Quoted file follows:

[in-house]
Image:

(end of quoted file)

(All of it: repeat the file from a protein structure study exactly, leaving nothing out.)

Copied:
[in-house]
Image: